Advent reflections

light globe
A light feels especially warm when it’s cold outside.

Yesterday was the first Sunday of advent and also the first Sunday of the liturgical year.  There is a polarity during the last month of the year that has always fascinated me. This is the darkest time of the year and just to make it more dramatic I might add profound or utter darkness. In other words, there is no hope. Imagine how it must have been in Norway a thousand years ago. The only light source would have been a fire, outside or inside. They must have had a longing for better times when the sun offered some warmth and light, and of course the chance to grow food.

I have written about some of the Norse Christmas traditions in connection with Halloween. The Norse Christmas was very similar to Samhain and we actually still have the pagan word for Christmas. The modern word is jul and the Norse word was jól. The vikings celebrated four weeks after winter solstice, and as the Catholic Church had a strategy of using old traditions instead of declaring war on them, this pagan feast became our Christmas. It also had pagan elements for a long time.

No one knows why the vikings celebrated, but it is reasonable to assume that it was a celebration of the sun. From that day the days were getting longer and they also had a spring/fertility celebration around Easter. This was an important rhythm that helped them through the year. We tend to think that pagan means pure evil, drinking blood and sacrificing people. That may have been a part of it, but pagan just means pre-Christian, and the gospel took a thousand years to reach Norway. There are some pagan traditions I wouldn’t mind resuming. The vikings had a big bonfire, just like the one we still have at midsummer, and this was probably one of the biggest social events of the season. The idea of utter darkness and a lot of light is appealing to me. Light never looks better than right now.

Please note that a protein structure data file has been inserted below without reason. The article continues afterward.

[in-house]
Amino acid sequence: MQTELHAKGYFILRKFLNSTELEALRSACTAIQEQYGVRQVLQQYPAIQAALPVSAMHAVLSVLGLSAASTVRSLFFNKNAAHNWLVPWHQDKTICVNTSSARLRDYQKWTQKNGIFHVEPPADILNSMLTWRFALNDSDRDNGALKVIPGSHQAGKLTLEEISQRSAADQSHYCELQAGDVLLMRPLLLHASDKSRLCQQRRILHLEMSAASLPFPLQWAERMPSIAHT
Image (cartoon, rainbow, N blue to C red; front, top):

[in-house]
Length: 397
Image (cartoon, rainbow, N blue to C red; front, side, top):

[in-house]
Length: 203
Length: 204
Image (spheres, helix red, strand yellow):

My ten year old daughter is also fascinated by light, and she likes winter because then the stars are much more visible, and sometimes we can even see the moon during the day. It makes me more philosophical because I see light and darkness as good and evil as well. Advent is a time for longing, which many people find uncomfortable because we want things to happen right now, but also a time to acknowledge and reflect on the existence of this polarity.

Many people, me included, try not to think about the longing they feel. So they make advent a time for creating noise and distraction. There are a lot of Christmas parties and concerts.  We focus on being merry and in the Christmas spirit every day, so much that we forget to think. The stores here in Norway made a big deal out of Black Friday this year and the radio stations even talked a lot about Thanksgiving the day before. Why are we doing this? I have actually heard about people throwing out the Christmas cookies and decoration before Christmas because they are tired of it after a month of being jolly.

outide christmas tree
We lived just north of the polar circle for two years. It wasn’t far enough north for complete darkness during daytime, but the lights still looked nice.

I have some longing I am working to fulfill myself. I started this year with one word. I am working on a manuscript that I intend to send to a publisher, so my #One Word 365 was writing. Whoever wrote that  probably meant it to be something more altruistic, but that’s presumably why I am not going to complete the manuscript by Christmas. I am well on my way, though, and hope to finish by summer.

The symbolism of Christmas is clear enough. In the midst of darkness, either it is the Roman Empire 2000 years ago or just the short days in Northern Europe today, there is hope. Advent points to the king who is coming.

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